Thursday, December 28, 2006

Cucao to Ensenada

It rained all night and through the morning. Our campsite was close to the shore of Lago Cucao. It was peaceful and very scenic, despite the poor visibility caused by the rain. We fell asleep to the sound of frogs (I think), and heard birds, horses, sheep, cows, chickens and roosters at various times through the night. In the distance we could hear the ocean waves crashing. There was the constant sound of raindrops falling on the tent. All were noises that I didn't mind at all. I was really glad we camped.

No hot showers this morning. Erik testosteroned his way through an icey cold shower. I was not motivated enough to do the same.

Hiking seemed like a futile effort today because of the volume of rain, so we decided to head back north to the mainland, with the goal of getting to one of the parks in the mountains for tonight. We made a few stops along the way, including to Castro and the market in Ancud. The drive itself is nice, but it was nicer yesterday when it wasn't raining. It's a bit like Kauai. There are a few key fishing towns, like Ancud and Castro, but not much in between. There are obvious signs of agriculture (including the occasional horse drawn buggy), but its not as abundant as one would expect given the apparent suitability of the land to growing stuff.

The fishing towns themselves are pretty neat. Very different architechture than on the mainland. Along the shore there are houses on stilts. On dry land, the houses use corregated tin and shingles as the primary building materials. Another noticable feature of the architecture is the number of old churches. I'm used to seeing churches made of stone, or something similarly ageless. These were thrown together with the same materials as the houses, but were ointeresting to look at nonetheless.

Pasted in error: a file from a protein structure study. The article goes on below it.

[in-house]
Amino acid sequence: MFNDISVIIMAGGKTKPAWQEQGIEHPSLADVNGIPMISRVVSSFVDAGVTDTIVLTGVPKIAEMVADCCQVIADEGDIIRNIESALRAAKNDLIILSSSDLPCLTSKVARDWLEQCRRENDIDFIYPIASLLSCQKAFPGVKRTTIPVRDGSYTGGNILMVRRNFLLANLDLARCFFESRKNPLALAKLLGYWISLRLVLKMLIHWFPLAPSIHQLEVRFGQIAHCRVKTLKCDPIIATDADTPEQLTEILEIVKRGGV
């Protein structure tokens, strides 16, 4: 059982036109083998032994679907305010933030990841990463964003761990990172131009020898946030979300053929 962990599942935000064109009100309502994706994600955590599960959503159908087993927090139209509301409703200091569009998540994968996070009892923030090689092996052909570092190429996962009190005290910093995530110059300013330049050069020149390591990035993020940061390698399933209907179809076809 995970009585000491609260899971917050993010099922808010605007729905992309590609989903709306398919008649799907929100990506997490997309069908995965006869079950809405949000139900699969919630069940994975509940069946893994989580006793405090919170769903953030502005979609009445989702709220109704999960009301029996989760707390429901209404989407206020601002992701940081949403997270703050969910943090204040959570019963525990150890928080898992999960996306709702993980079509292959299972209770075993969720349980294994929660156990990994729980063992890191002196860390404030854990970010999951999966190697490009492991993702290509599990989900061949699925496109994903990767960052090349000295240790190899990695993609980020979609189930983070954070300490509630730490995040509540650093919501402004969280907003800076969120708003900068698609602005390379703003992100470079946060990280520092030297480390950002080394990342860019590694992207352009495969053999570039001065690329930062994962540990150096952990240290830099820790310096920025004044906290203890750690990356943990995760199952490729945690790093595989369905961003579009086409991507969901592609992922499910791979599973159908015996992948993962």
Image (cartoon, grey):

Before we knew it, we were on the ferry again and it was already 4:30pm. When we hit the mainland, we continued north to Ensenada. The rain, which had poured all day, cleared up shortly before we reached Ensenada, so we found a place to camp for the night. We are the only campers at this campground, so we had our pick of spots. We got a primo spot by the lakeshore with what will be a view od the Orsono volcano (if the clouds ever clear). The young guy that runs the campground has been really helpful and Erik managed to make a fire out of wet wood. It's a great quiet evening. Since I haven't had much success in predicting the next days weather or activities, I'm going to hold off on thinking about tomorrow and just enjoy sitting by the fire and drinking a bottle of wine and listening to the waves hit the shore tonight. I'm not even going to proofread this.


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